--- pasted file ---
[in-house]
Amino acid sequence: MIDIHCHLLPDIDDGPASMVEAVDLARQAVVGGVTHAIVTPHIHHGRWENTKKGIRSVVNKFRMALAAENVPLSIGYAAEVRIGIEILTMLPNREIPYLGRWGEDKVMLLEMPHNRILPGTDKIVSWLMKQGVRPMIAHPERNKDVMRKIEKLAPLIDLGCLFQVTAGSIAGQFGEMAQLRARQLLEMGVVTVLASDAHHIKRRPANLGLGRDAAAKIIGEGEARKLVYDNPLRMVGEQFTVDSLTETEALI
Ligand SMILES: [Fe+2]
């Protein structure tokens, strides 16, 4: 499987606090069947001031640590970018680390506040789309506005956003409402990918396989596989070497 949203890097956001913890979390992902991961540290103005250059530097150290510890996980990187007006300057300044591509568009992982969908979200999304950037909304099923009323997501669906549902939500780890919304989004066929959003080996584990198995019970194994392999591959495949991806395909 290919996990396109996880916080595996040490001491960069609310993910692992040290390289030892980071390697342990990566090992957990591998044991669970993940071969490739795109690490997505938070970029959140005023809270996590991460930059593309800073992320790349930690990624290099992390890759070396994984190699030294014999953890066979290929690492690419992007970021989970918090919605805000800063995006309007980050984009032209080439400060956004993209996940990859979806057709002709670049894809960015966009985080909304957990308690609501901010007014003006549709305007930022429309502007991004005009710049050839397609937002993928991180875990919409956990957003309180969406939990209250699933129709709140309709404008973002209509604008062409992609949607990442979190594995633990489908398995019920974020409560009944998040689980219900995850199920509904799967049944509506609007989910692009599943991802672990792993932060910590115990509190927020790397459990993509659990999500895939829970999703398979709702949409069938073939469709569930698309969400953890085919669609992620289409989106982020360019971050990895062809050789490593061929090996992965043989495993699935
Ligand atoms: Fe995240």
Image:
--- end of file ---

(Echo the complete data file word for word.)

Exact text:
[in-house]
Amino acid sequence: MIDIHCHLLPDIDDGPASMVEAVDLARQAVVGGVTHAIVTPHIHHGRWENTKKGIRSVVNKFRMALAAENVPLSIGYAAEVRIGIEILTMLPNREIPYLGRWGEDKVMLLEMPHNRILPGTDKIVSWLMKQGVRPMIAHPERNKDVMRKIEKLAPLIDLGCLFQVTAGSIAGQFGEMAQLRARQLLEMGVVTVLASDAHHIKRRPANLGLGRDAAAKIIGEGEARKLVYDNPLRMVGEQFTVDSLTETEALI
Ligand SMILES: [Fe+2]
């Protein structure tokens, strides 16, 4: 499987606090069947001031640590970018680390506040789309506005956003409402990918396989596989070497 949203890097956001913890979390992902991961540290103005250059530097150290510890996980990187007006300057300044591509568009992982969908979200999304950037909304099923009323997501669906549902939500780890919304989004066929959003080996584990198995019970194994392999591959495949991806395909 290919996990396109996880916080595996040490001491960069609310993910692992040290390289030892980071390697342990990566090992957990591998044991669970993940071969490739795109690490997505938070970029959140005023809270996590991460930059593309800073992320790349930690990624290099992390890759070396994984190699030294014999953890066979290929690492690419992007970021989970918090919605805000800063995006309007980050984009032209080439400060956004993209996940990859979806057709002709670049894809960015966009985080909304957990308690609501901010007014003006549709305007930022429309502007991004005009710049050839397609937002993928991180875990919409956990957003309180969406939990209250699933129709709140309709404008973002209509604008062409992609949607990442979190594995633990489908398995019920974020409560009944998040689980219900995850199920509904799967049944509506609007989910692009599943991802672990792993932060910590115990509190927020790397459990993509659990999500895939829970999703398979709702949409069938073939469709569930698309969400953890085919669609992620289409989106982020360019971050990895062809050789490593061929090996992965043989495993699935
Ligand atoms: Fe995240």
Image: